In this week’s episode of the LTC Heroes podcast, we speak with Deke Cateau, Chief Executive Officer of A.G. Rhodes Health & Rehab. A.G. Rhodes is a premier nursing home in Atlanta, providing senior care services in Atlanta and Marietta.
Deke is also the author of ‘Brush Fire: Covid-19 and Our Nursing Homes’. A lot of the episode focuses on the book and Deke’s creative writing process.
The episode begins with Deke sharing his current challenges, which are staffing and occupancy issues at A.G. Rhodes.
We then talk about Deke’s optimism in the industry, before discussing his book in more detail.
Deke sharings his creative writing process for the book. He talks about which chapter he started with and which was particularly difficult to write. Deke also speaks about the unique reactions he received after publishing the book and what he’s learned about the industry from the process.
We also hear about some of the important people Deke has met from working in the long-term care industry.
Toward the end of the episode, Deke answers a series of rapid-fire questions, including advice he’d give to young people wanting to work in the long-term care industry.
Discover the creative writing process of a long-term care leader and so much more, by tuning into the latest episode of Deke Cateau, Chief Executive Officer of A.G. Rhodes Health & Rehab.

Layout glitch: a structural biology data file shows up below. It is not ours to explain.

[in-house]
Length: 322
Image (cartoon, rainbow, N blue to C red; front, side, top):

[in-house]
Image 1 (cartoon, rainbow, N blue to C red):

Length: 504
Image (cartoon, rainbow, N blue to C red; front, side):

What advice would you give to driven college students considering joining the long-term care industry?
The first thing is going to be to grind and work hard. I have no apologies for that.
A lot of hard work went into this. The other thing I would say about this industry is: don’t believe a lot of the statements. Some of them are true. I wouldn’t be the first to say there are less-than-genuine providers out there.
But for the most part, this is an industry of hard-working, industrious people who care and mean to do the right things. Don’t believe those stigmas, and understand that this could be as good as a social sector or business enterprise you might want to get into.
Will one of your kids end up in long-term care?
I don’t think so. My kids grew up in a nursing home. They grew up volunteering in a nursing home. My staff knows my kids.
I’ve tried to encourage them. I think there’s no more worthy a profession. But I don’t think they quite have the bug or the passion that I had for it. And that’s all good as well.
What’s a lesson that took you a long time to learn?
I still haven’t fully learned it, but chill out and calm down. I’m an extremely intense individual. I’m still learning it, by the way.
What job would you be terrible at?
NFL quarterback after the first hit.
What are you most grateful for in your life?
My family, my mom, my wife, and kids.
God has given me a great life, family, and friends around me. That in itself is enough for me to be grateful.
Given the choice of anyone in the world, whom would you want as a dinner guest?
I’d like to get my mom or dad back to see my kids grow past the boat. I would love to have one of them around to see my kids growing.
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